Throughout his 21 years at Miami Dade College, Dr. Jorge Obeso has been a champion for MDC’s diverse student body to achieve success in STEM fields.
A first-generation college student and underrepresented minority in STEM – like so many students he has taught at MDC – Dr. Obeso knows firsthand the power of mentorship to propel students toward academic and professional success.
“I had exceptional mentorship in my undergraduate studies at the University of Puerto Rico, thanks to a professor who early on recognized my potential and asked me if I would like to do research with him,” said Dr. Obeso, who teaches in the Department of Biology, Health and Wellness at North Campus. He went on to pursue master’s and doctorate degrees from the University of Wisconsin – Madison in the early 1980s, a time when minorities made up a minute percentage of the student population. Undeterred, he became the first Latino to earn a doctorate in the university’s zoology and human oncology program.
In his more than 40 years of teaching in higher education, Dr. Obeso has made it his mission to support students on the individual level while working behind the scenes to improve STEM education more broadly to pave the way for better learning outcomes.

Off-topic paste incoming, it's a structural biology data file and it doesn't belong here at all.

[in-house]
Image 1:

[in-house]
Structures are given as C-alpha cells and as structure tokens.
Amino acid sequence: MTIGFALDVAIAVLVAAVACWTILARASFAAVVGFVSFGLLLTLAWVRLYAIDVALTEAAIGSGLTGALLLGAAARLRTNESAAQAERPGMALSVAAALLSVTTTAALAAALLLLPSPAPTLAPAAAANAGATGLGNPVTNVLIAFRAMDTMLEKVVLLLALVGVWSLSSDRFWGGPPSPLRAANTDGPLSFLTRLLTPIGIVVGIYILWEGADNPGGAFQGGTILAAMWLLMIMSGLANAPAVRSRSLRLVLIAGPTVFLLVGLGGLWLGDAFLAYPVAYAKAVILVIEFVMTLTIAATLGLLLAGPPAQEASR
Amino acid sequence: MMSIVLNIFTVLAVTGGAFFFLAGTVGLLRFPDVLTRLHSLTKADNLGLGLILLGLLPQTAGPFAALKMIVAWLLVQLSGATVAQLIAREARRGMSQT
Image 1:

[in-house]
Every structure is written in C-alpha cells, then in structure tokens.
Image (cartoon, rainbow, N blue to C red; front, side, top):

“Dr. Obeso taught me to be a pioneer and to chase my passions no matter how grand they were,” said Dr. Rodrigo Garcia, an MDC alumnus who went on to become a dentist. “He is truly the most unique and caring professor I have ever had.”
During his time at MDC, Dr. Obeso has served in numerous capacities, as a department chair, natural sciences convener, The Honors College faculty and as a STEM advisor for students pursuing careers in research and allied health. In 2019, Dr. Obeso won a President’s Innovation Fund award for the Support for Biology and Education (SUBE) program he spearheaded in collaboration with the School of Education, assessing the effect of project-based learning on student success and retention as well as recruitment. This is his third Endowed Teaching Chair award.
“At the end of the day, the difference that you make in somebody’s life is carried on,” said Obeso. “That’s why I always tell my students, ‘what you owe me is to help someone follow on your path as I helped you now.”